You are here
Wadsworth Center Bids Farewell to One of Its Own
Monday, December 12, 2016
Former Arbovirus Laboratory Director and ProMED Co-founder Jack Woodall
January 13, 1935 – October 24, 2016
Dr. Woodall lived in many countries and worked in even more throughout his lifetime. What follows is by no means a complete list:
- Senior Scientist, East African Virus Research Institute in Entebbe, Uganda
- Director of the Rockefeller Foundation Virus Laboratory Belém, Pará, Brazil
- Staff member, Rockefeller Foundation in New York
- Director of the Arbovirus Laboratory, New York State Department of Health, Wadsworth Center, Albany, NY
- Research Fellow, Yale University Arbovirus Research Unit in New Haven, Connecticut
- Director of the San Juan Laboratories, Centers for Disease Control and Prevention, US Public Health Service, Puerto Rico
- Scientist, World Health Organization in Geneva, Switzerland
- Visiting Professor at the Federal University of Rio de Janeiro, Brazil
It is perhaps worth mentioning that of all the places in the world Dr. Woodall worked, he came twice to Wadsworth Center – once in 1971 and then again in 1994. During his time at the Center, Dr. Woodall, along with two colleagues, founded ProMED (Program for Monitoring Emerging Diseases) mail. ProMED’s mission was to provide a method of rapidly reporting and disseminating information about emerging diseases utilizing a new platform - the internet. Today over 80,000 subscribers worldwide receive ProMED alerts in their mailboxes each day.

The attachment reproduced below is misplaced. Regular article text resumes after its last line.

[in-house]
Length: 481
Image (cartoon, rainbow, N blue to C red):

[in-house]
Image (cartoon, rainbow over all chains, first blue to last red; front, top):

Dr. Woodall strongly believed that animals and the environment play an important role in emerging human pathogens; therefore, he supported the One Health Initiative.
His fellow Arbovirologists awarded him the prestigious American Society of Tropical Medicine and Hygiene’s Richard Moreland Taylor Award for significant lifetime contributions in the field. Normally awarded in November, it was presented early to Dr. Woodall, who was in the hospital at the time.
Add to the list researcher of yellow fever and emerging viruses (including Zika) in Africa, and dengue and schistosomiasis in Puerto Rico, champion of public health infrastructure in developing countries, author and editor.
He was a teacher, mentor and friend to many here at Wadsworth and around the world.